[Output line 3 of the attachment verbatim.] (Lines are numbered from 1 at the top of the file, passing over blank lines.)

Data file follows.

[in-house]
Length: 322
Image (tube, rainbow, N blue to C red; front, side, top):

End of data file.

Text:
Image (tube, rainbow, N blue to C red; front, side, top):